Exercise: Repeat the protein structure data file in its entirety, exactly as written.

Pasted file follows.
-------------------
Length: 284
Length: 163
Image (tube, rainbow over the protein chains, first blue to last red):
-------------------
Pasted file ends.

Length: 284
Length: 163
Image (tube, rainbow over the protein chains, first blue to last red):